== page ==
A truth concerning peace from an unlikely place

“For nothing is impossible with God.” (Luke 1:37 )

I had thought to give the context and background of this verse, and in doing so illuminate further its meaning, but the verse comes from the message that the angel give to Mary. Mea culpa for not realizing this from the scripture citation.

So. . . the quote matched to this day and this scripture in Davis’ 366 Ways to Peace is from Dorothy Day. The quote reads, “We must love the jailor as well as the one in prison. We must do that seemingly utter impossible thing: love our enemy.” I think it is a very good matching. It is easy to love and care for the one abused and pressed upon. It is easy to cheer for the underdog, and to care for the person who is hurting. It is harder to do so for the who has power and control, and is using it in hurtful ways.

But we are told to love our enemies, turn the other cheek, pray for the one who hurts us, and other upside down principles. We sputter and say, “how”, “why”, and “what good would that do.” But the person who is the abuser is in as much distress and peril as the one abused. In fact, in some ways more so. The abuser is needful not of justice as much as needing to have his/her life changed and re-aligned. The jailor needs to learn why it is wrong to oppress the innocent. The enemy needs to learn to put aside hatred and violence, and embrace peace and love. And these changes can only be accomplished through love and caring, motivated by God and carried out by us, followers of God.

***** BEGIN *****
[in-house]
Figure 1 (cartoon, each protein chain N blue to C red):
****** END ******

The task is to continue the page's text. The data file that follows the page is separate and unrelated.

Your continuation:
Although an unlikely source, there is one thing we can take with us from the passage that this verse comes from. When Mary hears the message of the angel she says, “”I am the Lord’s servant,” Mary answered. “May it be to me according to your word.” (verse 38a)

May you gentle reader love and care for others, both friend and enemy, according to God’s precepts and law of shalom. Selah!